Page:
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Early Effects of Aβ Oligomers on Dendritic Spine Dynamics and Arborization in Hippocampal Neurons

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Early Effects of Aβ Oligomers on Dendritic Spine Dynamics and Arborization in Hippocampal Neurons

Carolina Ortiz-Sanz et al. Front Synaptic Neurosci.

Abstract

Alzheimer's disease (AD) is a neurodegenerative disorder that leads to impaired memory and cognitive deficits. Spine loss as well as changes in spine morphology correlates with cognitive impairment in this neurological disorder. Many studies in animal models and ex vivo cultures indicate that amyloid β-peptide (Aβ) oligomers induce synaptic damage early during the progression of the disease. Here, in order to determine the events that initiate synaptic alterations, we acutely applied oligomeric Aβ to primary hippocampal neurons and an ex vivo model of organotypic hippocampal cultures from a mouse after targeted expression of EGFP to allow high-resolution imaging and algorithm-based evaluation of spine changes. Dendritic spines were classified as thin, stubby or mushroom, based on morphology. In vivo, time-lapse imaging showed that the three spine types were relatively stable, although their stability significantly decreased after treatment with Aβ oligomers. Unexpectedly, we observed that the density of total dendritic spines increased in organotypic hippocampal slices treated with Aβ compared to control cultures. Specifically, the fraction of stubby spines significantly increased, while mushroom and thin spines remained unaltered. Pharmacological tools revealed that acute Aβ oligomers induced spine changes through mechanisms involving CaMKII and integrin β1 activities. Additionally, analysis of dendritic complexity based on a 3D reconstruction of the whole neuron morphology showed an increase in the apical dendrite length and branching points in CA1 organotypic hippocampal slices treated with Aβ. In contrast to spines, the morphological changes were affected by integrin β1 but not by CaMKII inhibition. Altogether, these data indicate that the Aβ oligomers exhibit early dual effects by acutely enhancing dendritic complexity and spine density.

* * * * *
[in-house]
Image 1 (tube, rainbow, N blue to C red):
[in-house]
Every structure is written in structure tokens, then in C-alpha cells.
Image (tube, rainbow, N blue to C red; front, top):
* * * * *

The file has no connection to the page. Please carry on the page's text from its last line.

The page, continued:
Keywords: Alzheimer’s disease; Aβ oligomers; CaMKII; dendrites; integrin β1; spines.

Figures

Figure 1
Figure 1
Stability and dynamics of dendritic spine types during short amyloid β (Aβ) treatment. (A) Representative western blot shows the broad range of molecular weight protein markers (lane 1) and oligomeric and monomeric forms (lane 2) of Aβ(1–42) preparation probed with monoclonal antibody 6E10. (B) The bar graph illustrates the relative quantification (band intensity expressed as the percentage of band volumes of total proteins) of high molecular weight (HMW), low molecular weight (LMW) and monomeric forms of Aβ preparation (n = 4 preparations). (C) Micrographs show confocal time-lapse images of dendritic segments displaying stable spines (filled arrowheads) and dynamic spines (open arrowheads) at 10-min intervals in control and Aβ conditions. Scale bar, 2 μm. (D) Bar diagram representing the cumulative average of dendritic spine stability and dynamics at during 50 min interval. (E,F) Bar graphs represent quantification of stability (E) and dynamics (F) of control and Aβ-treated spines at the indicated 10 min interval. (G,H) Detailed analysis of the percentage (G) and density (H) of the three types of dendritic spines in the 30–40 min time interval. *p < 0.05, compared to non-treated cells; paired one-way ANOVA, n = 8 dendrites, of eight neurons (30 spines/dendrite).